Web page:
This page will help you understand Wyoming alcohol laws and avoid expensive fines or even jail. Not to mention time and embarrassment.
Wyoming alcohol laws apply both to residents and visitors. It’s easy to forget that Wyoming’s alcohol laws may be different than those in some other states. But ignorance of this fact carries no weight in court.
I. Minimum Age
II. More Alcohol Laws
IV. Legal Advice
I. Alcohol Minimum Ages
Young people in Wyoming often want to work in the hospitality industry. They want to know the ages needed for jobs working around alcohol. How young can a server be in a restaurant selling alcohol for drinking on-site?
Does a person have to be older to tend bar? What about for working in a store selling alcohol for drinking off-premises?
Wyoming alcohol laws permit adults to serve alcohol in venues for drinking there. That is, the minimum age is 18. For tending bar and selling alcohol in venues for off-premises locations, the age is 21.
Note that Wyoming counties and cities can modify the above ages and restrictions. So it’s important to check locally.
Many parents do this to demystefy alcohol and promote moderation. They believe it’s better for youth to learn in the parents’ house than in a fraternity house.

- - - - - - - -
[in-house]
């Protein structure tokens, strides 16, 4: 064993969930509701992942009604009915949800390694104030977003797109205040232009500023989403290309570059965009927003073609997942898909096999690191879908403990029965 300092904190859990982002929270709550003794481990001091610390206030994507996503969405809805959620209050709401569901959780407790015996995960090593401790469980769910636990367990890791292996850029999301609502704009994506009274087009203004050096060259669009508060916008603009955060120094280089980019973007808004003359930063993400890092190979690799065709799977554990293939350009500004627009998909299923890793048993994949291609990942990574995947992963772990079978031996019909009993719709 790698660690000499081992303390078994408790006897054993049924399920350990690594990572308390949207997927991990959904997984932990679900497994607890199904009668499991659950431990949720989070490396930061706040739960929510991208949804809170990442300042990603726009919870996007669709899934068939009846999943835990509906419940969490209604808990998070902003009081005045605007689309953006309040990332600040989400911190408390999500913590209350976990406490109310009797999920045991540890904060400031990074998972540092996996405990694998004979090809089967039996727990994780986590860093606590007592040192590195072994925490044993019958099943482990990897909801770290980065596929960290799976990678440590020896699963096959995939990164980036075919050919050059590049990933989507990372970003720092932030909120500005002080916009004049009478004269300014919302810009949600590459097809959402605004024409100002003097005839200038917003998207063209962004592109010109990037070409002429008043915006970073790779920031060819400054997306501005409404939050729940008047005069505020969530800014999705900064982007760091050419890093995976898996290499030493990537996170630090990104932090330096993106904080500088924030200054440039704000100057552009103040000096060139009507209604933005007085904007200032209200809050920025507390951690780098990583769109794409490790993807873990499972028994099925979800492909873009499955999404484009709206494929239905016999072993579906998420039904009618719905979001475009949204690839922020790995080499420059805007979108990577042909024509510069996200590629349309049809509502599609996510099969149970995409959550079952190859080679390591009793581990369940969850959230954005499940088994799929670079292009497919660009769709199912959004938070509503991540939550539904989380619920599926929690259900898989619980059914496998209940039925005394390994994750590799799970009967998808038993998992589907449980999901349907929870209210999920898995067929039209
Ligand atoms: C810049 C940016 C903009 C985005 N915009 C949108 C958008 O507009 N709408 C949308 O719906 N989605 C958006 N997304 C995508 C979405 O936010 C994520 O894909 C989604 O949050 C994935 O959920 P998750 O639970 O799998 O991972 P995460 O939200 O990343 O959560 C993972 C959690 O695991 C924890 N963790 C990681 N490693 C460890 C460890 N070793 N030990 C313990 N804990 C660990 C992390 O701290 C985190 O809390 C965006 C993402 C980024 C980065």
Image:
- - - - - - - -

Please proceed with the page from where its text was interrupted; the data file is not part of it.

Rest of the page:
Those under 21 may not buy alcohol under Wyoming alcohol laws. But they may buy it for police entrapment.
Use of a false ID to obtain alcohol by anyone under 21 is a crime.
It is also illegal for anyone of under 21 to drive with a blood alcohol concentration (BAC) higher than 0.02%.
II. More Wyoming Alcohol Laws
A. Selling Alcohol
Wyoming has a government alcohol monopoly state over selling wine and spirits for use off-premises. That means poorer selection and higher prices.
Package stores, bars, and restaurants can sell or serve alcohol any day of the week. And they can do so between 6:00 a.m. and 2:00 a.m. That’s state law. However, municipalities can be more restrictive. Especially for Sunday sales.
It’s a violation of Wyoming Alcohol laws to sell alcohol to anyone under the age of 21. That includes adults under that age.
B. Buying Alcohol
It’s illegal for anyone under age 21 to buy, or attempt to buy, alcohol. However, they may do so to help police entrap sellers.
Parents may buy alcohol in restaurants, bars and other places serving alcohol for their offspring to drink with them.
It’s also legal in Wyoming to remove a partially consumed bottle of wine from a restaurant, bar, etc. This law helps prevent over-consumption so as not to “waste” the wine. Thus, it promotes traffic safety.
The penalty for destroying the label on a beer keg is a fine of up to $500.
C. Driving and Alcohol
Wyoming alcohol laws prohibit driving with a blood alcohol concentration (BAC) of 0.08% or higher. For those under 21, it’s 0.02% or higher.
The exact penalties depend on the circumstances and the judge involved.
The penalty for a first DUI conviction can be driver license suspension for 90 days. For a second, it can be one year. And for a third, three years.